# Step 4: Running a simulation

## Using Julia

Once you installed Julia and Wflow.jl, a simulation can be started from the command line as follows:

julia -e 'using Wflow; Wflow.run()' path/to/config.toml

Furthermore, it is possible to write a Julia script to run a simulation. Example data to explore how this works can be found here.

using Wflow
Wflow.run(toml_path)

Julia can also be used to modify settings after reading the settings file. In the example below, we show how to adjust the end date of the simulation.

using Dates
config = Wflow.Config(toml_path)
config.endtime = DateTime("2000-01-03T00:00:00")
Wflow.run(config)

## Using the command line interface

If you don't need the extra features of using Wflow as a library, but just want to run simulations, the command line interface makes it easier to do so. It consists of a single executable, wflow_cli that accepts a single argument, the path to a TOML configuration file.

Binaries of wflow_cli can be downloaded from our website download.deltares.nl, and are currently available for Windows.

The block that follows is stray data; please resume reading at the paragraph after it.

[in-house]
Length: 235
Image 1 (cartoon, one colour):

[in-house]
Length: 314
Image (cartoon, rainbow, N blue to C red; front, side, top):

After installing you can see three folders in the installation directory. It is only the bin/wflow_cli that is directly used. All three folders need to stay together however. The share folder contains TOML files with more information about the build.

bin\wflow_cli
lib
share

Simply running wflow_cli with no arguments will give the following message:

Usage: wflow_cli 'path/to/config.toml'

When starting a run, you will see basic run information on the screen, as well as a progress bar, that gives an estimate of how much time is needed to finish the simulation:

┌ Info: Run information
│   model_type = "sbm"
│   starttime = CFTime.DateTimeStandard(2000-01-01T00:00:00)
│   Δt = 86400 seconds
│   endtime = CFTime.DateTimeStandard(2000-12-31T00:00:00)
Progress: 100%|██████████████████████████████████████████████████| Time: 0:00:27